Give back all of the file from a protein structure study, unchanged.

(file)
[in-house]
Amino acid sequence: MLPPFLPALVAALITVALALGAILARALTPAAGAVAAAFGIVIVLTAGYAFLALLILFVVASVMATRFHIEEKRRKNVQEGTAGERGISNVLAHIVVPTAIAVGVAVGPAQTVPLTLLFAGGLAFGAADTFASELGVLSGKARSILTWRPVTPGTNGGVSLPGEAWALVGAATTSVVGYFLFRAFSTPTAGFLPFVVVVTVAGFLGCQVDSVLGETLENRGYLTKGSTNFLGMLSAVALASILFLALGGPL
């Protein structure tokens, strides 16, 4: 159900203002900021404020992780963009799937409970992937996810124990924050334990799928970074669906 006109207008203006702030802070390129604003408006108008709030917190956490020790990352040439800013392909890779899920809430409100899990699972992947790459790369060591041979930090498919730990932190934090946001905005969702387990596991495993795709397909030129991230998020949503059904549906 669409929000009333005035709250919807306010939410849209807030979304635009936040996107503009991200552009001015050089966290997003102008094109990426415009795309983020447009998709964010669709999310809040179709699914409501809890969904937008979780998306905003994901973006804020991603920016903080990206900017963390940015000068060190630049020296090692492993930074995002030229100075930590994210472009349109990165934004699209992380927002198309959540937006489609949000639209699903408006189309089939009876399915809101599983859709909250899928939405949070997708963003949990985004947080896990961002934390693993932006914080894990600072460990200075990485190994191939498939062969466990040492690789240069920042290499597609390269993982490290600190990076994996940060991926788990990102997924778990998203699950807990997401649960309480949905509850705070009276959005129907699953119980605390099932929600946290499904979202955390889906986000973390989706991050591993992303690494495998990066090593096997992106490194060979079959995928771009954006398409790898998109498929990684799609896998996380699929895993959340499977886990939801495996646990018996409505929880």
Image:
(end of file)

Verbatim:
[in-house]
Amino acid sequence: MLPPFLPALVAALITVALALGAILARALTPAAGAVAAAFGIVIVLTAGYAFLALLILFVVASVMATRFHIEEKRRKNVQEGTAGERGISNVLAHIVVPTAIAVGVAVGPAQTVPLTLLFAGGLAFGAADTFASELGVLSGKARSILTWRPVTPGTNGGVSLPGEAWALVGAATTSVVGYFLFRAFSTPTAGFLPFVVVVTVAGFLGCQVDSVLGETLENRGYLTKGSTNFLGMLSAVALASILFLALGGPL
């Protein structure tokens, strides 16, 4: 159900203002900021404020992780963009799937409970992937996810124990924050334990799928970074669906 006109207008203006702030802070390129604003408006108008709030917190956490020790990352040439800013392909890779899920809430409100899990699972992947790459790369060591041979930090498919730990932190934090946001905005969702387990596991495993795709397909030129991230998020949503059904549906 669409929000009333005035709250919807306010939410849209807030979304635009936040996107503009991200552009001015050089966290997003102008094109990426415009795309983020447009998709964010669709999310809040179709699914409501809890969904937008979780998306905003994901973006804020991603920016903080990206900017963390940015000068060190630049020296090692492993930074995002030229100075930590994210472009349109990165934004699209992380927002198309959540937006489609949000639209699903408006189309089939009876399915809101599983859709909250899928939405949070997708963003949990985004947080896990961002934390693993932006914080894990600072460990200075990485190994191939498939062969466990040492690789240069920042290499597609390269993982490290600190990076994996940060991926788990990102997924778990998203699950807990997401649960309480949905509850705070009276959005129907699953119980605390099932929600946290499904979202955390889906986000973390989706991050591993992303690494495998990066090593096997992106490194060979079959995928771009954006398409790898998109498929990684799609896998996380699929895993959340499977886990939801495996646990018996409505929880």
Image: